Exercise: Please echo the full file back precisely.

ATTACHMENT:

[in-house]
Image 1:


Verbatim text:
[in-house]
Image 1: